I would really like to see a push toward modernity and away from a system abandoned by the very culture that created it. As it stands, some of our products are measured in drams, minims, grains, furlongs, short tons and long tons. Americans make up only 4.4% of the world’s population. It would seem prudent, not to mention economically advantageous, to measure our goods in a way the rest of the world can more easily understand.

However, if I ever score a Troy ounce of gold or silver, I will not complain about units.

Photo: Sign of the former Weights and Measures office, Seven Sisters Road, London, England, courtesy Flickr user Nico Hogg.

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Paul Hetzler has been an ISA Certified Arborist since 1996. His work has appeared in the medical journal The Lancet, as well as Highlights for Children Magazine.You can read more of his work at or by picking up a copy of his book Shady Characters: Plant Vampires, Caterpillar Soup, Leprechaun Trees and Other Hilarities of the Natural World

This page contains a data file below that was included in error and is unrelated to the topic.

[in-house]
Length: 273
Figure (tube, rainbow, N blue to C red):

7 Responses

  1. Smitty says:

    Fun article. Keep up the good work.

  2. Indeed an excellent survey and history. I add two notes and a story.
    The problem you mention “I understand 16 inches — a piece of firewood — it is hard to picture 40 centimeters, the same length” has disappeared a few miles west of us here in Buffalo. It does take time to get used to a new system but youngsters who never dealt with the old do not face that problem..
    We had begun the changeover when Ronald Reagan nixed it. Publishers of school texts that had already converted were nearly bankrupted by having to go back.